LON PO PO: A RED RIDING HOOD STORY FROM CHINA by Ed Young
A mother leaves her three children at home when she goes to visit their grandmother. As soon as she leaves, the wolf arrives, claiming to be the grandmother. The oldest child sees through the deception and with her siblings, climbs into the gingko tree where they trick the wolf into being captured. Although this is a story of danger with a rather menacing wolf, young listeners will love a tale where children are the empowered characters. Ages 5 and up.
NINE COLOR DEER (China) by Kailin Duan
Duan adapted a traditional Buddhist tale for her gorgeously illustrated picture book, translated from Chinese into English by Jeremy Tiang. In a forest in the mythological Kunlun Hills of China lives a white deer adorned with multicolored patches on its hide. The Nine Color Deer is revered as a guardian spirit but when its act of kindness is betrayed, the deer reveals humankind's greed and arrogance. There's a moral to the story, but it is not heavy handed and the illustrations are a complete joy. Ages 5 and up.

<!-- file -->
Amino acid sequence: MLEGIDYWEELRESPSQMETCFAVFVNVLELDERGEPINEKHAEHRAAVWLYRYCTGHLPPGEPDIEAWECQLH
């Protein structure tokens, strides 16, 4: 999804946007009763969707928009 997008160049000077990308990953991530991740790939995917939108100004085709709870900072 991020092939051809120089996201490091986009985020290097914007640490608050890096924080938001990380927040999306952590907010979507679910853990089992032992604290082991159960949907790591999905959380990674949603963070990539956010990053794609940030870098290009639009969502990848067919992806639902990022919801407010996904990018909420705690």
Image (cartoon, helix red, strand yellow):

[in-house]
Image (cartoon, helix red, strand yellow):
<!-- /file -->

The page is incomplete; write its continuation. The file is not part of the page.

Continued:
THE GREEN FROGS (Korea) by Yumi Heo
This is a Korean folk tale that explains why frogs croak loudly near water. Two young frogs never listen to their mother! (Mom's everywhere know that's their mistake right there.) They love to do exactly the opposite of what she says. When their mother dies they bury her by the stream and croak loudly so she is not washed away. Ages 4 and up.
THE CRANE GIRL (Japan) by Curtis Manley, illustrated by Lin Wang
I absolutely love this gorgeously illustrated version of the Japanese legend in which a destitute girl is given refuge and pays back the favor by creating beautiful silks for the family to sell. Her only condition is that no one disturb her while she works. But the widowed father becomes greedy when the silks fetch high prices and demand more and more silks to sell. This award winning book is a pleasure to read aloud. Ages 5 and up.